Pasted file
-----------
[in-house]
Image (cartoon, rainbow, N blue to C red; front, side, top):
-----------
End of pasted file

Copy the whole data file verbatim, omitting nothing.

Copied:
[in-house]
Image (cartoon, rainbow, N blue to C red; front, side, top):